In general, Manders calls ‘co-exact’ those properties that can be read off from diagrams in Euclid; as for Panza, the fact that diagrams of Euclidean geometry allow attributing some of their properties to the corresponding geometrical objects is what he calls their ‘local role’, and those properties that geometrical objects are taken to inherit from their diagrammatic representations are what he calls ‘diagrammatic attributes’ (see Panza 2012, in part. 72–82).

  10. 10.

    Trans. from Heath (1908, II: 12), where (for consistency with the Codex B diagram) I have replaced Heath’s Roman letters with Heiberg’s Greek letters. See also Vitrac (1990, I: 400) = Heiberg (1883, I: 177).

  11. 11.

    Manders (2008, 85); KM’s emphasis. The claims ‘in force’ within a reductio context refer to the hypotheses under which one arrives at a contradiction; the terminology here comes from an analogy with natural deduction, in which inferences are relative to a context defined by the undischarged assumptions under which it is made.

  12. 12.

    Heath (1908, II: 8–9) = Vitrac (1990, I: 394–395) = Heiberg (1883, I: 168–171).

  13. 13.

    Heath (1908, II: 23–24) = Vitrac (1990, I: 412–413) = Heiberg (1883, I: 192–195).

  14. 14.

    As Rabouin (2015, 115–118, 126–131) shows, the kinds of distortions that reductio proofs require easily produce incorrect results in other situations: some form of selective control over diagram distortions is clearly going on; see Manders (2008, 109–118) for further discussion.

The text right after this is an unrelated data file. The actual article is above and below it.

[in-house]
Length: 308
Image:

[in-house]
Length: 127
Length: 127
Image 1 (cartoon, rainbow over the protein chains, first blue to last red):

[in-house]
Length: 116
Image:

15. 15.

    Manders (2008, 86).

  16. 16.

    Manders (1996, 391). (This quotes comes, not from his most famous 2008 paper, but from a previous publication on the topic; his view on this did not change, however.)

  17. 17.

    See, in particular, the collective volume Allwein and Barwise (1996).

  18. 18.

    The original version of Mumma’s system did not define a formal semantics for its diagrams, but this is possible and is done in Mumma (2019).

  19. 19.

    As a matter of fact, the propositions from Euclid’s arithmetical books also contain diagrams of sorts, which represent by way of lines the numbers discussed in the text; but, in contrast to the geometrical case, these diagrams do not play much of a role in proofs. See, e.g., Mueller (1981, 67).

  20. 20.

    Heath (1908, II: 323–324) = Vitrac (1990, II: 328) = Heiberg (1883, II: 234–237). In modern terms, if two integers A and B are such that there are no smaller integers C and D such that \(\frac {C}{D} = \frac {A}{B}\), then A and B are relatively prime.

  21. 21.

    Manders (2008, 86).

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Acknowledgements

Without David Rabouin, who initially drew my attention to this issue and discussed it with me on numerous occasions, this paper would not exist. I would also like to thank Marco Panza, Jeremy Avigad, Ken Manders, and Dirk Schlimm for useful discussions.

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Waszek, D. (2022). Are Euclid’s Diagrams ‘Representations’? On an Argument by Ken Manders. In: Zack, M., Schlimm, D. (eds) Research in History and Philosophy of Mathematics. Annals of the Canadian Society for History and Philosophy of Mathematics/ Société canadienne d’histoire et de philosophie des mathématiques. Birkhäuser, Cham. https://doi.org/10.1007/978-3-030-95201-3_7